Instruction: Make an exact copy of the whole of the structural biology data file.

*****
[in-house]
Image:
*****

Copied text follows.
[in-house]
Image: